Four Reason
A final reason for creating such simple recordings is time and money. It costs a lot of money to make a professional produced recording, and we would rather spend that money on writing and promoting more songs and teaching and preaching about worship and music. We also write many more songs than we produce because we are primarily writers, not performers. Perhaps the Lord will continue to add performing artists who cover our songs on their own projects.

I hope that helps you understand why we publish songs the way we do. Over the years I've been amazed at the songs particular churches or individuals choose to use and how the Lord uses them to encourage and instruct His people. Sometimes songs I think are near the bottom of the pile of usefulness end up being used, while others I think might be "hits" aren't noticed. God loves to remind us that His decision whether to use us in ministry is based merely on grace, not on skill.

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Comments

I fully support you in this endeavor. I think that all of the above listed reasons are extremely legitimate and something that I greatly appreciate about you guys. As a church music director I sometimes get bothered by people who think that we must do the song exactly as it sounds on THE recording (which is often not even how the song was originally done) so I appreciate the freedom that I have with your songs since there IS no recording for my musicians to listen to. (I typically listen to your recording for my benefit and then teach the song from there with my musicians never having heard the song).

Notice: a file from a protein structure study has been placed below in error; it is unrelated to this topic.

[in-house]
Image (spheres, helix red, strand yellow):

Keep up the great work!
» N Good on February 24th, 2011

I read this article the day after I had been listening to one of your demos, appreciating the fact that is was "rough". My church's music ministry is limited due to size/skill levels and having just a basic recording allows us some creative wiggle room and we can play the song in a style that is more in line with our church's philosophy/mission. There is an expectation that a music team play a worship song like the recording and makes it hard for small churches.
» Dawn on February 26th, 2011

Nicely said, David! Thank you for your insight to the needs of other musicians.
I appreciate the simplicity for another reason. I like to use this venue for private worship and sing along in harmony. It's easier to concentrate on the words.
» Karlene Gade on May 25th, 2011